In a difficult context for citrus growing, marked by the price crisis and external competition, protected varieties or those subject to royalties, both newly created and already consolidated, have once again aroused interest among professional producers.
An example of this is the appearance of Spring Sunshine clementines, owned by the same company as the Orri, which is considered to be the latest on the market as it is harvested in Spain between April and May. According to the owning company, The Enforcement Organization (TEO), in one year in Castellón there are already around 125 hectares planted and the forecast is that there will be licences for sale until the end of the year, when the creation of a producers' committee is foreseen "for their defence and control".
Leanri is another of the names that sound loudly among those looking for a profitable alternative crop. The Protected Plant Varieties Club (CVVP), which manages it together with another of the star mandarins among those subject to royalties (Nadorcott), points out that it was presented in the last edition of Fruit Logistica with a great response from farmers and businesses, including those from Castellón.
Resale of licences
Along with the novelties, sources in the sector also show that there is an active market for buying and selling licenses of the three most consolidated varieties, which have given better prices in recent years (Orri, Tango and Nadorcott), since the committees that manage them do not sell more trees to avoid a fall in prices. On digital platforms and on the websites of agricultural organisations you can find advertisements for the acquisition of plots or rights to these protected varieties located both in Castellón and Valencia.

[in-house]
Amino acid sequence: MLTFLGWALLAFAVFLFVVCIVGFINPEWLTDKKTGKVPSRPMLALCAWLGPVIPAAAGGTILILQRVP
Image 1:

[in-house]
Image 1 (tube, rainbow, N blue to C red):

The companies that manage these three clementines (TEO, CVVP and Eurosemillas in the case of Tango) are confident that the prices of their varieties will rise in the season that will start in just a month and a half and return to a range between 0.80 cents and the euro. In the previous season they were sold at 0.55 euros/kg, which is not enough to make the high initial investment required for a farm of these varieties profitable and one of the reasons why there are farmers who choose to sell their rights.
The manager of the Orri Running Committee, Guillermo Soler, explained that citrus growers' interest in protected varieties is also explained by the need to "gain competitiveness", and assured that the "best way to do this" is to "differentiate" through premium mandarins. "The citrus market is going through a period of upheaval, largely due to the irruption of growing crops from third countries with lower costs, so differentiation is key to maintaining profitability", he affirmed.